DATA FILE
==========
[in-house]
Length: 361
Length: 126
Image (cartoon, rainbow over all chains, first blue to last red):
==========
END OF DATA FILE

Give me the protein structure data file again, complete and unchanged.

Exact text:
[in-house]
Length: 361
Length: 126
Image (cartoon, rainbow over all chains, first blue to last red):